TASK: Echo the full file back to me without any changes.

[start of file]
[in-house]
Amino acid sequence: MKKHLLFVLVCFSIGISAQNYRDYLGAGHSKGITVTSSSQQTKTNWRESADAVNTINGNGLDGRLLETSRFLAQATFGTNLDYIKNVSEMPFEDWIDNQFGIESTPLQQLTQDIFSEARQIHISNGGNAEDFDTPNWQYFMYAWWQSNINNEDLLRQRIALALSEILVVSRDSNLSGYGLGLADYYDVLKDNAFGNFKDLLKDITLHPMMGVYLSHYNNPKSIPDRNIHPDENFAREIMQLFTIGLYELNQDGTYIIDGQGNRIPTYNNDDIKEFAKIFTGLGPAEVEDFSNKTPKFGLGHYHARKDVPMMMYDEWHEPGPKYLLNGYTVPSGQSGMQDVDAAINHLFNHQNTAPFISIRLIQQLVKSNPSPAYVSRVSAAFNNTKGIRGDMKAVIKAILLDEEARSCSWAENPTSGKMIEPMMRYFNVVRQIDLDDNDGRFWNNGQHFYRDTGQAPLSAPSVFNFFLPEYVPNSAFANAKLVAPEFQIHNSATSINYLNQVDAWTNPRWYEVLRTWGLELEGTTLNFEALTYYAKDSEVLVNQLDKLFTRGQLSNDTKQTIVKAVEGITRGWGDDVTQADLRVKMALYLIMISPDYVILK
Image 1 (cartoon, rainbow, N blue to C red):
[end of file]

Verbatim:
[in-house]
Amino acid sequence: MKKHLLFVLVCFSIGISAQNYRDYLGAGHSKGITVTSSSQQTKTNWRESADAVNTINGNGLDGRLLETSRFLAQATFGTNLDYIKNVSEMPFEDWIDNQFGIESTPLQQLTQDIFSEARQIHISNGGNAEDFDTPNWQYFMYAWWQSNINNEDLLRQRIALALSEILVVSRDSNLSGYGLGLADYYDVLKDNAFGNFKDLLKDITLHPMMGVYLSHYNNPKSIPDRNIHPDENFAREIMQLFTIGLYELNQDGTYIIDGQGNRIPTYNNDDIKEFAKIFTGLGPAEVEDFSNKTPKFGLGHYHARKDVPMMMYDEWHEPGPKYLLNGYTVPSGQSGMQDVDAAINHLFNHQNTAPFISIRLIQQLVKSNPSPAYVSRVSAAFNNTKGIRGDMKAVIKAILLDEEARSCSWAENPTSGKMIEPMMRYFNVVRQIDLDDNDGRFWNNGQHFYRDTGQAPLSAPSVFNFFLPEYVPNSAFANAKLVAPEFQIHNSATSINYLNQVDAWTNPRWYEVLRTWGLELEGTTLNFEALTYYAKDSEVLVNQLDKLFTRGQLSNDTKQTIVKAVEGITRGWGDDVTQADLRVKMALYLIMISPDYVILK
Image 1 (cartoon, rainbow, N blue to C red):